Electric Malady: a poignant documentary about electrosensitivity

Following one man’s struggle with a condition that is largely dismissed by medical practitioners, this touching film shines a light on the growing isolation that sufferers often endure.

William Hendeberg under a copper thread-lined blanket in Electric Malady (2022)

In the opening moments of Marie Lidén’s Electric Malady, a man named William Hendeberg describes a night when he was young: walking home from a friend’s house, he stopped to climb a tree and watch the rain fall. “Life is gonna be so fucking great,” he recalls thinking. Little could he have known that, decades later, he would be confined to a cramped cabin in the wilderness, sleeping in a foil-lined bedroom and perennially encased beneath heavy blankets lined with copper thread. Electrosensitivity is a condition whose sufferers exhibit a collection of symptoms that they believe are caused by electromagnetic fields. According to the film, the World Health Organisation estimates that it may affect up to 3% of the global population, but is largely misunderstood, overlooked or dismissed entirely.

The severity of William’s situation, which he generously details for Lidén in this deeply personal film, should provoke at least a better understanding of the troubles faced by people who have, or believe they have, electrosensitivity. Early in his affliction, William was a little freer and filmed himself before his condition significantly worsened. Lidén incorporates some of William’s footage, placing it alongside poignant celluloid inserts captured specifically for the film. Most of Electric Malady is conventional observational documentary in form, though the delicacy and intimacy that Lidén manages to achieve makes it feel anything but rote.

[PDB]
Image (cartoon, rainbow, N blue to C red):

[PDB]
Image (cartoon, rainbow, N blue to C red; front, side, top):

The decision to shoot only some of the film on a hand-cranked Bolex is a curious one and presumably comes down to budget. The celluloid material is evocative, particularly in the moments where it depicts the outside world that William can no longer experience; the woozy nostalgia of film emphasises the fact that it only exists as a memory or dream for him now. The presence of Lidén’s modern digital camera must have been a concern for William; at one point, he asks for it to be turned off in case that helps alleviate his condition, and – as far as we can see – Lidén obliges.

Despite regular visits from his stricken but devoted parents and other friends, William’s sheer isolation is devastating to watch. His parents remain hopeful of miraculous improvement, but William often sinks into such depression that a very different, darker future is implied. That Lidén’s film might shed some light on this issue for others seems to be William’s primary motivation – “I don’t mind if people think I’m exaggerating… if I could just sow a seed…” – but there’s also a ray of hope that sharing the weight of his story might just help William too.

Electric Malady is in UK cinemas from tomorrow.